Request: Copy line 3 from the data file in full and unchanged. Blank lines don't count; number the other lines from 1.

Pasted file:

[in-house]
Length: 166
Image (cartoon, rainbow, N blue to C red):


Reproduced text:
Image (cartoon, rainbow, N blue to C red):